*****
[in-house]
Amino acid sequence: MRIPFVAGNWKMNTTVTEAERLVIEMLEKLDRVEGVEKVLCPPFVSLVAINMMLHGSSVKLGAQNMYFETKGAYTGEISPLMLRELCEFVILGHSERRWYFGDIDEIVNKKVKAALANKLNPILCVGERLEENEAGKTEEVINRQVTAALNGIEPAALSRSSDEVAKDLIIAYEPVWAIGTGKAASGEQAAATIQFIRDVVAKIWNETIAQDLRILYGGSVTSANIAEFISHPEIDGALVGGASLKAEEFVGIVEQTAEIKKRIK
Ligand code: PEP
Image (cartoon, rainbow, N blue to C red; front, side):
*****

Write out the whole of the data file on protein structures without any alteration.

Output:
[in-house]
Amino acid sequence: MRIPFVAGNWKMNTTVTEAERLVIEMLEKLDRVEGVEKVLCPPFVSLVAINMMLHGSSVKLGAQNMYFETKGAYTGEISPLMLRELCEFVILGHSERRWYFGDIDEIVNKKVKAALANKLNPILCVGERLEENEAGKTEEVINRQVTAALNGIEPAALSRSSDEVAKDLIIAYEPVWAIGTGKAASGEQAAATIQFIRDVVAKIWNETIAQDLRILYGGSVTSANIAEFISHPEIDGALVGGASLKAEEFVGIVEQTAEIKKRIK
Ligand code: PEP
Image (cartoon, rainbow, N blue to C red; front, side):